Tallgrass

A third of Missouri once was covered with tallgrass prairie - about 15 million acres. Now, about 80,000 acres remain. More than 99 percent of our prairie heritage has vanished under the plow and development.

But landowners, from the urban dweller with a tiny lot to the farmer with a yen for history, can reclaim a bit of that past...and profit in the doing. Not only are native grasses good for livestock and wildlife, they make attractive complements to native wildflowers in a natural garden.

And the presence of a mini-prairie, even a few feet of it, is a reminder of what we've destroyed and an incentive to get involved with prairie preservation in the state.

Until recently, there was no national area set aside to preserve native tallgrass prairie. Many vast areas in the West contain shortgrass prairie, but most states that once had great tallgrass prairies have lost much of it.

Oklahoma and Kansas have probably the largest chunks of tallgrass remaining, especially the Flint Hills section of Kansas.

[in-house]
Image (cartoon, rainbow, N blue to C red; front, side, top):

Proposals to establish a Prairie National Park stumbled over landowner objections for years. Finally, the National Parks and Conservation Association and the National Park Trust bought a 10,894-acre ranch near Strong City, KS, which will be turned over to the federal government as the official Tallgrass Prairie National Park. The Nature Conservancy has recently established a 40,000 acre tract in the southern Flint Hills.

The largest protected area is 52,000-acre Tallgrass Prairie Preserve near Pawhuska in north-central Oklahoma. The area is owned by the Oklahoma Nature Conservancy. Illinois is developing about 19,000 acres of a former federal arsenal near Chicago as a National Grassland. It would be the largest prairie reserve east of the Mississippi River.

Missouri's largest remnant tallgrass prairie is 2,678-acre Prairie State Park in Barton County. Some native prairie occurs on Conservation Department land - notably 1,680-acre Taberville Prairie in St. Clair County. The Conservation Department bought the land in 1959 and added to it in 1961. In the years since then, the Conservation Department has purchased and conserved dozens of smaller prairie tracts.

Retired Conservation Department biologist Don Christisen, a longtime prairie enthusiast, was a driving force behind the founding of the Missouri Prairie Foundation in the mid-1960s. Early on, he enlisted the late G. Andy Runge, a Mexico attorney who ultimately became both the Foundation president and a conservation commissioner.

The Foundation raised money to buy undisturbed tallgrass prairie, starting with tiny (40-acre) Friendly